As I walked back toward the parking area, I realized there would be no cabs. I could call one from the card I’d taken from my driver less than an hour before, but it would cost me 20 quid and take 30 minutes for him to get out here. Enter the iPhone. I google-mapped myself a walking route into town on the tow path along the Thames, a mere three miles. Then I ran into Chloe coming off duty with the boat-holding, greeted her like I hadn’t seen her in days, and made my apologies for leaving (her attitude was kind of, ‘why would you hang around all day, Mom?’).
So I set off on my inadvertent Country Walk– a pleasant ramble through the English countryside– past a river lock actually in operation, through wildflower meadows and horse pastures, up and over a highway bridge, and into Windsor’s lovely riverfront parks. People pay money to go on these walking tours in the countryside– culminating in a pub stop at the end of the walk– and here I was doing one for real and for free. The sun even came out for a while– and walking briskly, without the wind coming across the lake, it was really pleasant. And I was pretty sure that my walk, like those tourist ones, would end with a pub visit– particularly since we had hours to kill and there would be Premier League football (the British kind) on the television.
Once I joined up with the family in town, we explored a bit more, enjoying the patriotic ambiance ahead of the Queen’s Diamond Jubilee (60 years as Queen– guess that ‘God Save the Queen’ song is pretty effective!). British flag bunting zigzagged across the major shopping streets, and the shop windows were filled with Union Jack-covered goods and Jubilee mementos– not to mention Olympic paraphernalia. We saw Windsor’s crooked house, and a pub named after the Duchess of Cambridge (you know, Kate Middleton?). Eventually we found a table at The Royal Oak, as I described above, where we checked scores, had a pint, and fed the children ‘slobbery’ desserts. Eventually, it was time to leave to catch Chloe’s race. We found a cab at the train station across the street, and just as we were getting in, we heard the pub erupt in cheers for Manchester City’s rousing comeback win to snag the Premier League championship out of the hands of cross-town rival and perennial winners Manchester United (think Mets beating Yankees in the World Series).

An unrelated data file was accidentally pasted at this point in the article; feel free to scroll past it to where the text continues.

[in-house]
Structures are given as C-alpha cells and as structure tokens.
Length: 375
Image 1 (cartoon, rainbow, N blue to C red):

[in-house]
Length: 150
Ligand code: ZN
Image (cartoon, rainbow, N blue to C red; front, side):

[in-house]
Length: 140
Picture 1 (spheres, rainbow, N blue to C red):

The day in Windsor ended with Chloe’s race. She was in a double boat in the under-18 class, and they finished a strong second place (out of five or six). We really don’t know much about rowing, but it is a beautiful thing to watch when the athletes are smooth and in sync. Throughout the day, the mountain of food, including most of the sandwiches, disappeared. I did feel a little antisocial for leaving the venue earlier; but then, no society could have been better than the company I kept on our day of crew and castle.